WASHINGTON – Wow. You could not have scripted a Hollywood scene any better than how Rosetta’s much anticipated call to home went Monday.
The spacecraft was to send a signal a half billion miles back to Earth between 12:30 and 1:30 p.m. to indicate that Rosetta had awakened from a 957-day slumber (see my story from Sunday).
With each passing minute after 1:00 p.m., you could feel the tension building in the European Space Agency’s Operations Room. All eyes, including mine, and almost 12,000 others watching via a livestream, were glued to the monitor showing the signal from NASA’s Deep Space Network antennas. The mostly flat signal never showed the much anticipated spike until 1:18 p.m.
This image released by the European Space Agency shows a spike in the signals coming from NASA’s network of space antennas, representing the signal from Rosetta, Monday. (European Space Agency)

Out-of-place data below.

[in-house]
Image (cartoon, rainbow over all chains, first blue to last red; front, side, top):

That was when I noticed an obvious spike in the background signal, which moments later ESA Ops confirmed by shouts, applause and cheers. Rosetta had indeed woken up, aligned herself with the energy of the sun and phoned home.
The power of technology was on display with Rosetta enduring so much to come back to life. But so was the power of the internet and social media. People around the world shared in the experience live and with each other. I am pleased to say that in my Twitterverse, I was the first to report the “audio spike heard around the world” from Rosetta.
ESA will check the health of Rosetta and prepare her for a very busy time. We’ll be following her all the way until the mission ends in December 2015.